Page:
The deadly substance you use every day is killing our seabirds 11



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If you’ve ever watched a majestic seabird soar over the ocean, you’ll be dismayed to know that many of them are dying – and it’s all our fault.

During the period of our lifetime, a deadly substance has invaded the diets of seabirds, and new research suggests that by 2050, just about every bird will have a tummy full of it.

The substance, of course, is plastic, and the first global assessment of how much of this insidious stuff is being consumed by birds has delivered shocking results.

Currently, 90 per cent of the planet’s seabirds have plastic trapped in their guts, compared to just 5 per cent in the 1960s.

No one knows exactly why, but birds eat brightly coloured plastic items and fragments, possibly mistaking them for prey or because they have genuine food attached to them.

Toothbrushes, cigarette lighters, bottle caps and even a doll’s arm are just some of the items on a seabird’s dinner menu these days, according to Dr Chris Wilcox of CSIRO Marine and Atmospheric Research.

plastic bird

Plastic can be difficult to excrete and is slow to break down, says Wilcox, and toxins in plastics have been linked to egg-thinning. Sharp, plastic can puncture holes in the gut of the birds.

Another issue is that migratory seabirds, such as albatrosses, eat plastic items, which take up room and make them feel full, but leave them without enough nutrition and energy to make it to their destination. The birds end up dying at sea.

One study on Lord Howe Island found that around 10 per cent of the body weight of some birds is plastic.

Obviously we can’t train birds not to eat plastic, so researchers say the only option is to reduce the amount of plastic that reaches outdoor spaces, including rivers, parks, gutters, beaches and marine debris.

“As birds encounter more plastic they’ll have more plastic in their gut and conversely if they encounter less they’ll have less,” says Wilcox.

Previous research suggests there are as many as 580,000 pieces of plastic polluting each square kilometre of the ocean at any one time.

“The doubling time for plastic is around every 11 years. So between 2015 and 2004 we made as much plastic as we did between the time plastic was invented and 2004,” Wilcox says. “The amount will double again between 2015 and 2026.”

Dr Denise Hardesty from the CSIRO, says waste management systems must be improved to save our seabirds, which are crucial to our ecosystem.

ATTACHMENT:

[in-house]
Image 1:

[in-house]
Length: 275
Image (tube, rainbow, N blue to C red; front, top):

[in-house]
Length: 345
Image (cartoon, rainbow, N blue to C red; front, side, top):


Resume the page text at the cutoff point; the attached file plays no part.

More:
“Even simple measures can make a difference, such as reducing packaging, banning single-use plastic items or charging an extra fee to use them, and introducing deposits for recyclable items like drink containers,” she says.

She said recent efforts in Europe had resulted in measurable changes in the amount of plastic being found in the stomachs of seabirds.

Plastic: do you love it or hate it? What do you think can be done about this terrible situation? 


Starts at 60 Writers

The Starts at 60 writers team seek out interesting topics and write them especially for you.

  1. Yep I scream when I hear what feral cats etc are doing to our wildlife when it is we / humankind who cause more destruction than anything /

  2. Just go to a park or camping ground and see the litter people leave behind even when there are bins near by.
    I have also watched a few videos of whales and dolphins being cut free from fishing nets and lines. This is another serious problem for all sea creatures.
    People seem to think litter is someone else’s problem. Well it’s not and if we don’t all take responsibility for our own mess, we will push the planet further towards extinction.

  3. That’s a staggering amount of plastic a square kilometre and we know there are these massive wash pools of plastic that are feet deep that just go round and round with the currents ,in every ocean.Singapore used to spot fine people for littering,and I do think education advertising(what happened to the “Do the Right Thing” Ads they were very effective! )What about No Litter signs everywhere!Then there’s the big stick approach if the littering signs are ignored! Also ban plastic bags,and plastic packaging.

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  4. Its a shame that food items cant be wrapped in brown paper like it was in my very young days – no plastic bags around and one had to take a shopping bag to the shops to carry home goods then. Hey even fish and chips where wrapped in the news paper never killed anyone….

  5. My ex husband was a dedicated bird watcher and he has been saying this for years. Another thing which is a big problem is balloons. I am always appalled when they let hundreds of balloons in the air for a cause, this was done for Daniel Morcombe. Don’t get me wrong I really feel for what that family has gone through but when they let all those balloons go into the air not knowing where they were going to end up really made me cross. Maybe if this article can go viral perhaps people my be a little bit more aware of the dangers these bits face

  6. Those stupid windmills have claimed the lives of thousands of birds. That must be a horrible death, too.

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    • Didn’t know we had windmills. There are thousands of them in Spain and they don’t seemed to have affected the bird life

  7. It would help if all Australian states banned plastic bags at checkouts and we used reusable bags as they do here in SA

  8. Wendy, Altamont wind farm alone In California kills 6 – 18 million birds per annum, including over 100 Golden Eagles. Check out ‘Save our Eagles’ on google.

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